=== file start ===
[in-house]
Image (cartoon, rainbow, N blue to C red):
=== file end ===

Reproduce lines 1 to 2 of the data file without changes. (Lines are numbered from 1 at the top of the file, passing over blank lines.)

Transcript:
[in-house]
Image (cartoon, rainbow, N blue to C red):